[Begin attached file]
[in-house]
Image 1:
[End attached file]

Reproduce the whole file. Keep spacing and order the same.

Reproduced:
[in-house]
Image 1: